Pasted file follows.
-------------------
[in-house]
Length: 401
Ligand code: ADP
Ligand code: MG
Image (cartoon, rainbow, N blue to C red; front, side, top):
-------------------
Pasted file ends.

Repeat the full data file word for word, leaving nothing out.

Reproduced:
[in-house]
Length: 401
Ligand code: ADP
Ligand code: MG
Image (cartoon, rainbow, N blue to C red; front, side, top):